WASHINGTON — The Washington Suburban Sanitary Commission expects to be very busy over the next six years as it prioritizes replacing aging pipes.
The WSSC, which serves Montgomery and Prince George’s counties, unveiled its capital improvement plans for the next six years.
WSSC’s Managing Director Jerry Johnson says the biggest chunk of the $1.7 billion in expenditures will go toward replacing aging pipes.
“We’re going to be replacing about 55 miles of small-diameter pipe,” he says.
Putting that into perspective, Acting Chief Financial Officer Chris Cullinan says it’s “slightly less than the length of the Capital Beltway.”
“We’re going to be in the pipe replacement business for a very, very long time. Essentially, we have a 100-year replacement cycle,” says Cullinan, who added that WSSC has more than 5,600 miles of pipe in its system.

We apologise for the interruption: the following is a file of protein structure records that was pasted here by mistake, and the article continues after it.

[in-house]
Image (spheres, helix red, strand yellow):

Officials with the WSSC, including Johnson, outlined the six-year Capital Improvement Plans for the organization at two meetings: one in Prince George’s County and one in Montgomery County.
Earlier this summer, WSSC officials went before the public to discuss proposed additional fees to help cover the operating and maintenance costs. The county councils of Prince George’s and Montgomery counties — areas served by the WSSC — will have some say over that when they approve their budgets in May.